Stage 2 would be to cooperate with Lebanon and create a pipeline along the coast, which could send around 1000 mcm/y to Israel alone, with plenty of capacity for other neighbours.[18] Lebanon is relatively rich in water due to its high mountains, which receive a lot of rainfall in the winter. In 2009, while Israel, Syria and Jordan were experiencing severe droughts, Lebanon was experiencing extensive flooding. The waters of Lebanon, however, are simply flowing into the sea and could be responsibly and sustainably harnessed to supply its neighbours, while bringing Lebanon a fair economic return. This however, is not possible as of yet due to the political relations between Lebanon and Israel. Lebanon cannot develop any other water infrastructure due to lack of capital and the paralyzing insecurity of the region.[19] This serves as an example of how common interests in water issues can be negated by other destabilizing factors within the region and would lead one to feel that cooperation in water is not possible without political change first. Although, if the crisis were to become deeper, parties may be willing to negotiate.

Finally, Stage 3 of a plan to developed water cooperation within the Middle East, which might allow for the resuming of Arab-Israeli peace talks more equally-weighted and with a greater chance of success, would be the materialization of Turkey subsidizing the water-scarce Israel/Palestine and Jordan.  Turkey is such a super power in water that it may one day rule the entire region. It could pump 5000 mcm/y just to Israel. So far, this has been on hold because Syria is not allowing a pipeline through her territory, because of her ongoing disputes with Israel.[20] This is therefore, another example of other divisive factors in the region which outweigh the water problem.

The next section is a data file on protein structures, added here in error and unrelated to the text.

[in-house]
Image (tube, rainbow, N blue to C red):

In conclusion, water resources are at an all time low and decreasing thus making water supplies of the present and future of vital importance. Water in my opinion has the latent potential to immerse the region into even more deadly and intractable conflicts. However, water is not simply an economic resource, but the essential substance for life to exist. Therefore, the whole future sustainability of the region is starting to look endangered. Under such high stakes, maybe water scarcity can be a stabilizing factor in Middle East relations, which could cause concessions from all local parties that could bring about a lasting peace. Although, even if the severely destabilizing Arab-Israeli conflict were solved, the region is still littered with disputes over borders and external hegemonic actors’ influences and strategic goals. Therefore, water conflict may destroy the Middle East or water could be one of the easiest factors to solve. If the latter option is realized, then water has the potential to solve some but not all of the Middle East insecurities.

Mesrob Kassemdjian is a graduate of City University in International Politics, and is currently studying at the London School of Economics


Bibliography

Allan, J, A. (1999). ‘The Nile basin: Evolving approaches to Nile waters management’. SOAS Water Issues Group: Occasional paper 20.

Allan, T. (1999). ‘Israel and water in the framework of the Arab-Israeli conflict’. SOAS Water Issue Group: Occasional paper 15.

Atwan, A, B. (2006). ‘The Secret History of Al-Qa`ida’: Abacus.

Anon. (2009). ’Israel rations Palestinians to trickle over water’. Amnesty International

Baird, R. and Migiro, K. and Pentleton, A. and Farrant, A. (2007). ‘Human Tide: Climate Change: Outlook bleak’. Christian Aid.

Chomsky, N. (2003). ‘Middle East Illusions’. Rowman & Littlefield Publishers Inc. Lanham. Boulder. New York. Oxford.

Fawcett, L. (2005). ‘International Relations of the Middle East’: Oxford university press.

Flint, J. and Waal, A, D. (2008). ‘Darfur: A New History of Long War’. Zed books: London. New York.